Awards Celebration

Over the past 37 years, the Arts + Business Council Awards have taken different forms to best recognize our region’s greatest leaders who embody and foster cross-sector collaboration between creative and business communities. This year, we are excited to start a new tradition of honoring and celebrating impactful collaborations between arts organizations and businesses.

Join us in person for a festive awards celebration memorializing Philadelphia’s groundbreaking creativity. The evening will be filled with must-see live performances, cocktails, and networking with creative leaders and advocates from our region.



2022 Honorees


For their Love & Grit Storefronts Project, which aimed to reinvigorate and beautify the city’s empty storefronts by transforming them into art installations.

Launched in mid-2021, The Love + Grit Storefronts Project, an extension of VISIT PHILADELPHIA’s Love + Grit podcast, aimed to reinvigorate and beautify the city’s empty storefronts by transforming them into art installations.

Through diligent collaboration, the initiative spotlighted the stories of artists and entrepreneurs; encouraged Philadelphians to shop and support small, minority-owned businesses; and brought much-needed vibrancy to neighborhoods across the city. The project spotlighted 12 talented QBIPOC artists and 24 innovative Black- and Brown-owned businesses. Citywide, empty storefronts including restaurants, health/beauty, furniture, and more became an expression of pride, supporting a business adversely affected by the pandemic and showcasing the potential of storefronts available for lease. QR codes appeared on all storefronts, encouraging admirers to go online to learn more about the campaign, the artists’ inspirations, the business owners’ stories and where other creations could be viewed.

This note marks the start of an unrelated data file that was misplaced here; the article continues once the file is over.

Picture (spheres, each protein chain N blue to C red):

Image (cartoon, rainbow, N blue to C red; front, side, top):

Love + Grit Storefronts Project saw amazing success locally and nationally, inspiring other businesses to conduct similar artistic collaborations. More than 60 local, regional and national stories, totaling more than 793,419,242 impressions. Examples include The New York Times, Yahoo!, Travel Noire, Al Dia, The Philadelphia Tribune, Philadelphia Gay News, KYW Newsradio, WHYY, 6ABC, FOX29, NBC10, CBS3, and more. The program also scored big on social media, with 137,100+ total impressions. In addition, the project’s promotional video brought in another 50,000+ views.

This project highlighted a tremendous amount of collaboration amongst the business, arts and non-profit communities. Numerous partners made this possible: The Knight Foundation, Philadelphia Department of Commerce, The Bowman Group, Chestnut Hill Business District, Chinatown Business Improvement District, Kurfiss Sotheby’s International Realty, Nightingale Properties, Northern Liberties Business Improvement District, Reading Terminal Market, Roxborough Development Corporation and South Street Headhouse District. Art Curation: Conrad Benner (of photo blog Streets Dept.) and Ginger Rudolph.